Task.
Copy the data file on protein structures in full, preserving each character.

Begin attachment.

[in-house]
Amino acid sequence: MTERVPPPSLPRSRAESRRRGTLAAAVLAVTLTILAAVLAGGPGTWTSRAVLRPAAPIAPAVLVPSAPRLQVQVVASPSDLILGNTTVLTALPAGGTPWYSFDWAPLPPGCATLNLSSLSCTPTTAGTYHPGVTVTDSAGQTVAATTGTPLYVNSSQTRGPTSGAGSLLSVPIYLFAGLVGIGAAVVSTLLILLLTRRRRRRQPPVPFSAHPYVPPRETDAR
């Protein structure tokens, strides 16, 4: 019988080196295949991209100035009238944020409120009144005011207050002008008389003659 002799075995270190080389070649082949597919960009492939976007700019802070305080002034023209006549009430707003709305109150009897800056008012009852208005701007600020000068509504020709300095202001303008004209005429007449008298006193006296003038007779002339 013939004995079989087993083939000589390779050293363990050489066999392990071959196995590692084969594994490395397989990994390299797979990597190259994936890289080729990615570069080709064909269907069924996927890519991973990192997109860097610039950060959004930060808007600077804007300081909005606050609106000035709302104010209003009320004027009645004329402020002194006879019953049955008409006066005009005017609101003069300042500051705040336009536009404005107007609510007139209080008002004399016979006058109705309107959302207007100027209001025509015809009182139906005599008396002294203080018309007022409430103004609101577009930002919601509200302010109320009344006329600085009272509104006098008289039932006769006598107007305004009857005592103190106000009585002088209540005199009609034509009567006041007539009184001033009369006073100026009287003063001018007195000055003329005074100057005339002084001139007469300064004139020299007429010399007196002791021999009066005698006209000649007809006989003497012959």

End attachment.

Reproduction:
[in-house]
Amino acid sequence: MTERVPPPSLPRSRAESRRRGTLAAAVLAVTLTILAAVLAGGPGTWTSRAVLRPAAPIAPAVLVPSAPRLQVQVVASPSDLILGNTTVLTALPAGGTPWYSFDWAPLPPGCATLNLSSLSCTPTTAGTYHPGVTVTDSAGQTVAATTGTPLYVNSSQTRGPTSGAGSLLSVPIYLFAGLVGIGAAVVSTLLILLLTRRRRRRQPPVPFSAHPYVPPRETDAR
């Protein structure tokens, strides 16, 4: 019988080196295949991209100035009238944020409120009144005011207050002008008389003659 002799075995270190080389070649082949597919960009492939976007700019802070305080002034023209006549009430707003709305109150009897800056008012009852208005701007600020000068509504020709300095202001303008004209005429007449008298006193006296003038007779002339 013939004995079989087993083939000589390779050293363990050489066999392990071959196995590692084969594994490395397989990994390299797979990597190259994936890289080729990615570069080709064909269907069924996927890519991973990192997109860097610039950060959004930060808007600077804007300081909005606050609106000035709302104010209003009320004027009645004329402020002194006879019953049955008409006066005009005017609101003069300042500051705040336009536009404005107007609510007139209080008002004399016979006058109705309107959302207007100027209001025509015809009182139906005599008396002294203080018309007022409430103004609101577009930002919601509200302010109320009344006329600085009272509104006098008289039932006769006598107007305004009857005592103190106000009585002088209540005199009609034509009567006041007539009184001033009369006073100026009287003063001018007195000055003329005074100057005339002084001139007469300064004139020299007429010399007196002791021999009066005698006209000649007809006989003497012959």